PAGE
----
It is remarkable to see so many travellers regain confidence in taking to the skies again following the pandemic, and it is providing many reasons for the airline industry to get back on track and meet the evolving demand of today’s global travellers.
The two year air travel hiatus brought about by the global pandemic, has resulted in an overwhelming amount of today’s passengers wanting to be connected to the internet when flying, and this is a demand that offers a major opportunity for airlines and private jet charter providers that cannot be ignored.
Inmarsat, is a British satellite telecommunications company that has conducted a very telling study that surveyed 11,00 global air travellers and the results provide air travel providers ample information on what they need to deliver on as soon as possible.
Here are some key highlights from the study:
- 97% of passengers use personal devices for entertainment, social media or work when in the air, and the subsequent desire for in-flight wifi has grown 40% since before the pandemic.
- 77% said that in-flight wifi is important to them when they travel – up from just 55% in 2018’s survey.
- The growth was most prominent in the Middle East as 94% and 92% of passengers from Saudi Arabia and the UAE, respectively, say wifi is important in the air.
- 82% of passengers globally said they would rebook with an airline that offered quality in-flight wifi, with 92% of business travellers and 90% of parents with children under 18 agreeing. (Only 67% agreed before the pandemic, demonstrating clearly how much more important in-flight WiFi has become.)
- When it is available, four in five passengers (79%) are connecting to onboard WiFi, but only 5% say they’re able to make the most of this connectivity.
- Over 38% said they would watch adverts when connected (this is an option that Virgin Atlantic currently gives passengers).
- 51% of passengers said they want more charging ports onboard. (Survey respondents probably mainly travelled in economy because premium seats tend to all have sockets these days.)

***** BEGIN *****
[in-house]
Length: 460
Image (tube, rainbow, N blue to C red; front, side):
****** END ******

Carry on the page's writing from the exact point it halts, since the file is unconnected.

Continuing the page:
The results all point towards the fact that airlines and other air travel providers are going to seize this ripe opportunity to generate revenue while attracting new customers and keep existing ones happy. Companies like Elon Musk’s SpaceX have foreseen this demand, and we know that they will be launching Starlink Aviation that will begin delivering terminals in mid-2023 that are capable of providing speeds up to 350 Mbps, fast enough for video calls and online gaming. Companies building low-Earth orbiting satellite networks beaming broadband internet, like SpaceX’s Starlink and Britain-backed satellite operator OneWeb, are racing to court airlines and private jet services in a market dominated by companies such as Inmarsat and its rival ViaSat, which are planning to merge in the near future.
Giving passengers and today’s digital nomads the flying experience they want and focusing on providing quality internet connection for those who want to work or play while onboard, will be the gift that keeps on giving for passengers and for airlines. Cevalon predicts that by 2030, high-speed internet connections will be on every airline, and will likely be free. Travellers will soon expect it as a basic essential.
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